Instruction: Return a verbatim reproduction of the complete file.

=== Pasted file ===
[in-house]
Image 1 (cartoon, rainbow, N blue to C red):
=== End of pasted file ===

[in-house]
Image 1 (cartoon, rainbow, N blue to C red):